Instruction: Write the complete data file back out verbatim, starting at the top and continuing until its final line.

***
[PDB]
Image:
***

[PDB]
Image: